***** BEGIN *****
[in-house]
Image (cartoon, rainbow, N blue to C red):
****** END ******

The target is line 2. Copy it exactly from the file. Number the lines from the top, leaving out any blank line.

Image (cartoon, rainbow, N blue to C red):